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Samuel Agbamu

Dr Samuel Agbamu

Areas of interest

I am a Classicist whose work foregrounds the Roman empire’s conception of itself and its Others, and how these dynamics of representation have been received in post-classical periods. My Leverhulme Early Career Fellowship project homes in on a particular moment in the development of such discourses of self and Otherness by looking at a fourteenth-century Latin epic about the Second Punic War: Petrarch’s Africa. I am currently writing a book for Bloomsbury Press’ Neo-Latin Studies series on the role of Petrarch’s Africa in reshaping and transmitting ideas about Africa and Africans, as well as empire and ‘nationality’, drawn from classical Latin literature.

I am also writing a book based on my PhD thesis which looks at modern Italy’s ideological use of the Roman empire during its colonial endeavours in Africa in the nineteenth and twentieth centuries.

More generally, I am interested in ideas of ‘race’ in the ancient world, and the use of the ancient world in medieval, early modern, and modern ideologies of ‘race’ and nationhood.



‘Race’ in the Ancient Greek and Roman Worlds

Roman History: Late Republic 

Research centres and groups

Centre for the History of Racism and Anti-Racism in Modern Italy

New Signs of Antiquity: The Uses of Latin in the Public Culture of Italian Fascism, 1922-1943

Claiming the Classical

Awards and honours

2022-2025       Leverhulme Early Career Fellowship.

2021-2022       British School at Rome, Rome Fellow (converted to Rome Award, April-June 2022).

2016-2019       AHRC Doctoral Studentship (London Arts and Humanities Partnership).

Selected publications

Peer-reviewed articles

  1. ‘Petrarch’s Sophonisba between Antiquity and Modernity’, Nordic Journal for Renaissance Studies, Special Issue on Sophonisba [accepted pending revisions, revisions submitted]
  2. ‘Smash the Thing: William Kentridge, Classical Antiquity, and his Refusal of Time in O Sentimental Machine’, Classical Receptions Journal, 14:2, 264–287. (2022)
  3. ‘Romanità and nostalgia: Italian travel writing in Libya and Tunisia, 1905-1912’, CompLit, 2, 145-167. (2021)
  4. ‘The Reception of Petrarch’s Africa in Fascist Italy’, International Journal of the Classical Tradition, online first. (2021)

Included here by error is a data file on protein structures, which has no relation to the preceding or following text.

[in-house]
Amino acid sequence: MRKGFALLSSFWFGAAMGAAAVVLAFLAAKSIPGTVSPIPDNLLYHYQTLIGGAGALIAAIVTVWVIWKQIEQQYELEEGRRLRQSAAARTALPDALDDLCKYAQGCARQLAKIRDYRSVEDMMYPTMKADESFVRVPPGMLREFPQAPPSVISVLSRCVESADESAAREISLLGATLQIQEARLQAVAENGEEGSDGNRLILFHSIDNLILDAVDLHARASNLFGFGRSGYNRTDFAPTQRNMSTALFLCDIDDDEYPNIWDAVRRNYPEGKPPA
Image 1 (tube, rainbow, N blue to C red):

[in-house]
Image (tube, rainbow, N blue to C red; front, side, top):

5. ‘Mare Nostrum: Italy and the Mediterranean of Ancient Rome in the Twentieth and Twenty-First Centuries’, Fascism: Journal of Comparative Fascist Studies, 8:2, 250-274. (2019)
  6. ‘The Arco dei Fileni: A Fascist Reading of Sallust's Bellum Iugurthinum’, Classical Receptions Journal, 11:2, 157-177. Editor’s choice. (2019)

Peer-reviewed Book Chapters

  1. ‘“The Return of Rome”: Empire, Epic, and Twentieth-Century Italian Imperialism in Africa’, The Epic World, ed. Pamela Lothspeich (Routledge) [submitted]
  2. ‘“Biting the Hand that Feeds You”: Responding to Racialisation in UK Classics’, Diversity and the Study of Antiquity in Higher Education, ed. Daniel Libatique and Fiona McHardy (Routledge) [submitted]
  3. ‘Scipio Africanus and the Construction of Fascist Italian Masculinities’, Toxic Masculinity in the Ancient World, ed. Aven McMaster and Melanie Racette-Campbell (Edinburgh University Press) [submitted]
  4. ‘Petrarch’s Africa’, Classics and Race: A Historical Reader, ed. Sarah Derbew, Dan Orrells and Phiroze Vasunia (UCL Press) [submitted]
  5. ‘A Question of Sport? C.L.R. James, Greek Tragedy and Popular Culture’, Class and Classics. Trend in Classics – Supplementary Volumes, ed. Anna Maria Cimino et al. (De Gruyter) [submitted]

Peer-reviewed editions, translations, or commentaries

  1. ‘Arco dei Fileni, 1937, Giorgio Pasquali’, Fascist Latin Texts online database. Edition, translation, and commentary. (2022)


  1. David Withun, Co-Workers in the Kingdom of Culture: Classics and Cosmopolitanism in the Thought of W.E.B. Dubois. Times Literary Supplement. [forthcoming]
  2. Adam Lecznar, Dionysus after Nietzsche: The Birth of Tragedy in Twentieth-Century Literature and Thought. Rhea Classical Reviews. October 2021.
  3. Aristotle Kallis, The Third Rome: 1922– 1943, The Making of the Fascist Capital. Journal of Modern Italian Studies, 26:2, 234-236 (2021)
  4. Hans Lamers and Bettina Reitz-Joosse, The Codex Fori Mussolini: A Latin Text of Italian Fascism. Thersites, 10 (2019)
  5. Matthew Loar, Carolyn MacDonald and Dan-el Padilla Peralta (ed.), Rome, empire of plunder the dynamics of cultural appropriation, Bryn Mawr Classical Review, 2019.10.53
  6. Louise H. Pratt, C. Michael Sampson (ed.), Engaging Classical Texts in the Contemporary World: From Narratology to Reception. Bryn Mawr Classical Review, 2019.07.03

Other publications

  1. ‘Classics and Italian Colonialism: An Outsider’s Perspective’, Italian Studies in Southern Africa, 35:1, 29-32 (2022)
  2. ‘The Sword of Ancient Rome. Classics, Colonialism, And Racism in Italy’, Centra: Centre for the History of Racism and Anti-Racism in Modern Italy: News (online) (2021)
  3. Mac Sweeney, N. et al. [including S. Agbamu]. ‘Claiming the Classical: The Greco-Roman World in Contemporary Political Discourse’, Council of University Classical Departments Bulletin, 48. (2019

Impact and public engagement

May 2022 : British School at Rome blogpost. ‘Rethinking Rome: Cityscapes of Empire, Ancient and Modern’

November 2021 : SCS blogpost. ‘Whose Aeneid? Imperialism, Fascism, and the Politics of Reception’.

July 2021 : Latin Work(ing Class)shop. Guest lecture on William Kentridge and Classics.

June 2021 : BBC Radio 4: Detoxifying the Classics with host Katherine Harloe. Contributor.

June 2020-ongoing : Sportula Europe blog.


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